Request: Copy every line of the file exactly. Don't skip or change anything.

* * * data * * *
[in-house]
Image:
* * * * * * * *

[in-house]
Image: